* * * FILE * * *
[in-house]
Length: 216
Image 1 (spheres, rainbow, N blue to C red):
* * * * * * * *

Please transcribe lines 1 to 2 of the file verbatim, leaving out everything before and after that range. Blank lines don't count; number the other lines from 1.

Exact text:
[in-house]
Length: 216